I’m not your conventional UC Berkeley student. I’m a reentry first-generation Latino Disabled Students’ Program undergraduate. My path has been a rigorous one, filled with heartbreak, instability and uncertainty, yet I feel tremendously blessed to be where I am today. The place I live, Rochdale Village Apartments as part of the Berkeley Student Cooperative, or BSC, houses more than 250 traditional and nontraditional students such as myself. Rochdale Village is the home to formerly incarcerated and undocumented students. But, the home that we know as Rochdale Village and the greater BSC system are in danger.
The disabled student community and the LGBTQ+ community are also welcome, and Rochdale is very accommodating to all students. Students from inner cities live at Rochdale Village. Despite Rochdale Village’s efforts to house nontraditional students and make them feel at home, today, the UC Berkeley community is in danger of losing the safe space that Rochdale Village provides.
My immigrant mother always told me to go to college, but when I began at California State University, Sacramento, she had no advice for me on how to navigate it. At the time, I was a freshman living in the dorms and there were only a handful of students with backgrounds similar to mine. I felt lost, scared and alone. At 18 years old, I realized something that most UC Berkeley students never have: I was poor. My inability to navigate the university bureaucracy, coupled with my mother’s health and financial situation, led me to drop out of school to move back home and work to support my family. When I was 26, my mom passed away. I refocused on my path to higher education which led me to UC Berkeley. I moved to Berkeley determined to make something great out of this educational opportunity. I knew none of this would be worth it if I graduated in a pile of debt, and while financial aid would pay for my dorm room, I was broke. Luckily, I was able to meet some members of Hermanos Unidos that told me about Rochdale. The BSC, and Rochdale specifically, became the best alternative for me and others alike.
Rochdale houses 84% of students that identify as Educational Opportunity Program, or EOP, students. My story is not unique as there are plenty of first-generation Latinx students that share a commonality with me: moving away from our homes and pursuing higher education. Rochdale Village means home to me. My group of friends consists of other students just like me with even more inspiring stories. They live here or at our sister co-op, Fenwick Weavers Village, with which Rochdale shares the property.
Unlike my experience at California State University, Sacramento, I feel at home and seen at Rochdale Village. On campus and in our classes, other students like me feel like minorities. Yet, when we come to Rochdale Village, we have a space to call our own. When student groups such as Hermanos Unidos had trouble reserving a classroom for weekly meetings, the Rochdale Village common room served as its alternative — with no questions asked and the space to ourselves.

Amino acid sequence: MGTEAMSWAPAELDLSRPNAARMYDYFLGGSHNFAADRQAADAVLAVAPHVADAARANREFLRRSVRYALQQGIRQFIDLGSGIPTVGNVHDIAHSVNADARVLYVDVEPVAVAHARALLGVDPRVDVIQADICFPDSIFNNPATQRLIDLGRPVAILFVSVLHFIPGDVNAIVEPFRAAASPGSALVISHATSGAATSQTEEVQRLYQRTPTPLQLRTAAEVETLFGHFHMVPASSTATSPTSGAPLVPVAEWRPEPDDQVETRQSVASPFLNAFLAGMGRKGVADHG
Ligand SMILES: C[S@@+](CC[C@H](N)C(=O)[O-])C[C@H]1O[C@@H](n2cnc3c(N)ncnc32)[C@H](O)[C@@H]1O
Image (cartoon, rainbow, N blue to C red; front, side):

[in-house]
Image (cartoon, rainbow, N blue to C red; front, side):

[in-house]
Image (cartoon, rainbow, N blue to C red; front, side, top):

Since fall of 2019, I have lived at Rochdale Village. Even throughout the COVID-19 pandemic, I remained at Rochdale as I had nowhere else to go. The room I once had at my family’s house — a porch with walls — was gone, and the old futon I used to sleep on was taken to the dump. At the time, my family could not afford Wi-Fi, so staying at Rochdale was the only way I could get consistent, reliable Wi-Fi access.
When my friends began moving back in fall 2020, I heard stories about sharing rooms with younger siblings, causing slow Wi-Fi connectivity without access to a quiet study space. There were stories of loss, losing mothers and fathers to COVID-19. I saw firsthand how my fellow students had to grow up fast and step up to help provide for their families. Still, they were resilient and returned to Berkeley to pursue higher education and create better lives for themselves and their families; Rochdale Village served as the safe space ready to welcome them in.
In 1971, Rochdale Village was built with loans from the U.S. Department of Housing and Urban Development. UC Berkeley recognized our organization’s success by leasing the land where Rochdale Village sits for a nominal fee of $1 per year. Since then the buildings have been under the BSC’s control; we are responsible for all of the maintenance and upkeep.
With UC policy dictating that all property must be seismically retrofit by 2030, Rochdale Village is no exception. Of course, we all want a safe place for students to live for decades to come, but the current lease situation between the BSC and UC Berkeley leaves many students who call Rochdale Village home feeling nervous about the future.
The retrofit will not be cheap. We are looking at a cost of about $20 to $30 million, and while the BSC is far from financial ruin, we do not have that type of money on hand. Our mission is to provide a quality, low-cost, cooperative housing community to university students, thereby providing an educational opportunity for students who might not otherwise be able to afford higher education. Yet, Rochdale residents worry that these mandates have the potential to create a situation that forces our members, who cannot afford it, to pay more in rent. Furthermore, as a leaseholder to UC Berkeley, there is no guarantee that we will be able to keep the property even after the work is completed.
I, along with the fellow BSC and the greater UC Berkeley community, demand that UC Berkeley donate the land where Rochdale sits to the BSC. This would allow our organization to advance the retrofit project as we see fit. With full ownership of the property, we will never again have to feel the stress of potentially losing this property and safe space to UC Berkeley.